Drivers planning a road trip this Easter holiday weekend are reminded to stay
alert and sober, and buckle up

BURNABY, BC, March 29 /CNW/ - As we head into the first long weekend of 2010, BCAA and the BCAA Traffic Safety Foundation are calling on drivers to protect themselves, their families and other road users by making road safety an even greater priority. According to the 2007 B.C. Collision Statistics (the latest year available) the Easter holiday period accounted for 269 traffic injuries and fatalities, the second deadliest holiday period behind the Canada Day long weekend, which recorded 276 injuries and fatalities.

BCAA and the BCAA Traffic Safety Foundation say there are specifically four areas where drivers can have the most influence on safety, especially during this busy holiday weekend:

    
    1.  Keep your hands on the wheel and mind on the road. According to the
        U.S. National Highway Traffic Safety Administration, the many forms
        of distracted driving are collectively responsible for as many as
        eight out of every ten crashes. Distraction can stem from anywhere in
        or outside the vehicle - anything that reduces the driver's
        awareness, decision-making, and/or performance on the road.

    2.  Stay alert and take regular breaks. Motorists in a hurry to get to
        their destination often push on and drive through dinner and much-
        needed rest stops. Eyes closing or losing focus, continuous yawning
        and drifting between lanes are all danger signs of drowsy driving.
        Stay alert by getting enough sleep before a trip and take a break
        every two hours or every 160 km.

    3.  If you're going to drink, don't drive. According to B.C. Traffic
        Collision Statistics, the greatest number of impaired driving
        collisions occur over long weekends. Festivals and vacation
        activities are often combined with a drink or two. But good times
        don't give anyone a license to drink and drive.

    4.  Buckle-up. Ensure you and your passengers fasten their seat belts and
        use age-appropriate restraints. By law, children up to 40 lb (18 kg)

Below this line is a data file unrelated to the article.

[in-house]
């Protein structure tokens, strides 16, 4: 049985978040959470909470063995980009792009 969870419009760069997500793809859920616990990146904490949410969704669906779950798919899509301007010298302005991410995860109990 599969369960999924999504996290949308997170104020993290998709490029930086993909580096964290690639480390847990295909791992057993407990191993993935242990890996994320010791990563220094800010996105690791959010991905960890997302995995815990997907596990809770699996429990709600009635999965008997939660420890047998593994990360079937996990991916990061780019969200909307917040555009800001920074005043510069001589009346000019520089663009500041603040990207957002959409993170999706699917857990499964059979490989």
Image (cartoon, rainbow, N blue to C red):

must be in a child seat, and children aged four-to-eight or weighing
        less than 80 lb (36 kg) must be in a booster seat.
    

For more traffic safety tips, check out the BCAA Traffic Safety Foundation's website at www.tsfbcaa.com.

BCAA is the largest organization of its kind in B.C., with over 100 years experience and gross annual sales of nearly $400 million from its membership, insurance and travel businesses. A BCAA Membership can be found in the wallets of over 780,000 British Columbians and in one-in-four B.C. households. For the past two years, BCAA has received the highest score in Canada for home insurance customer satisfaction in a J.D. Power and Associates study. And, for the past four years, BCAA has been named one the 50 Best Employers in Canada by international HR consultants Hewitt Associates and the Globe & Mail's Report on Business magazine. To learn more about BCAA's products, services and member advocacy, visit www.bcaa.com. For more information on the BCAA Traffic Safety Foundation visit www.tsf-bcaa.com.

The BCAA Traffic Safety Foundation is a non-profit registered charity working with families, communities and business partners to reduce the number and severity of traffic crashes and injuries in B.C. For more information visit www.bcaatsf.ca or call 604-298-5107.

SOURCE BCAA Traffic Safety Foundation

For further information: For further information: or to request an interview, please contact: Niela Melanio, BCAA Media Relations, Tel: (604) 268-5342; Lennea Durant, BCAA Traffic Safety Foundation, Tel: (604) 875-1182


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